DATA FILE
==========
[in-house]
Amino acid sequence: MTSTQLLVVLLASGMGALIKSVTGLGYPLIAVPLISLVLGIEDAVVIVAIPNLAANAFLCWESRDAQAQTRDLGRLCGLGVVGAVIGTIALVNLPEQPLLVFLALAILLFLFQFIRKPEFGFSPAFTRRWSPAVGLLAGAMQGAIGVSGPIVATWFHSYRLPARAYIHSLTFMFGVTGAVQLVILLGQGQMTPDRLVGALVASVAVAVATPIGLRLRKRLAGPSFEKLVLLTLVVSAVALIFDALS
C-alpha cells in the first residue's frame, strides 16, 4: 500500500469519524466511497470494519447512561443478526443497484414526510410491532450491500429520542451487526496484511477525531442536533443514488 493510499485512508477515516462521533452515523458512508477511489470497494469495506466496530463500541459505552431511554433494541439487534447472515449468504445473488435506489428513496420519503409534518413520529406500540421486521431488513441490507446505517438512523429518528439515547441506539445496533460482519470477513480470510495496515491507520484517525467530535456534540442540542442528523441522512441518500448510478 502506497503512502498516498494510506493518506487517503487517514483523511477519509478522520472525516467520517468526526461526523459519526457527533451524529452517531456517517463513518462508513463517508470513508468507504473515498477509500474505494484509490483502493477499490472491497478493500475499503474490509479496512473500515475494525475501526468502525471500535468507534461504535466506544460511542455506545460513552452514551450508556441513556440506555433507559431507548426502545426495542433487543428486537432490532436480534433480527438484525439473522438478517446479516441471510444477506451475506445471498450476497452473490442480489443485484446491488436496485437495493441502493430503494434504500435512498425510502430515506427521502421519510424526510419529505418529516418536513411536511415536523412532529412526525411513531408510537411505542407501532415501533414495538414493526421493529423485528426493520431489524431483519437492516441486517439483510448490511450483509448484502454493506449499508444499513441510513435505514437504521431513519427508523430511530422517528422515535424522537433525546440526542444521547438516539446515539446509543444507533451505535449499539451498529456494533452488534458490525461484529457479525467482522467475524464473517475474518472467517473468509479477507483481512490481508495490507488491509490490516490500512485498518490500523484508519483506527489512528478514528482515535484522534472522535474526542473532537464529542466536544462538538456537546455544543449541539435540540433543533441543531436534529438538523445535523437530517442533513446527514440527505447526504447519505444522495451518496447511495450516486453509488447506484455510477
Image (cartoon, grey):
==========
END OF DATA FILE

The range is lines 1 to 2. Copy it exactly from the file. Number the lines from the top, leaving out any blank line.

[in-house]
Amino acid sequence: MTSTQLLVVLLASGMGALIKSVTGLGYPLIAVPLISLVLGIEDAVVIVAIPNLAANAFLCWESRDAQAQTRDLGRLCGLGVVGAVIGTIALVNLPEQPLLVFLALAILLFLFQFIRKPEFGFSPAFTRRWSPAVGLLAGAMQGAIGVSGPIVATWFHSYRLPARAYIHSLTFMFGVTGAVQLVILLGQGQMTPDRLVGALVASVAVAVATPIGLRLRKRLAGPSFEKLVLLTLVVSAVALIFDALS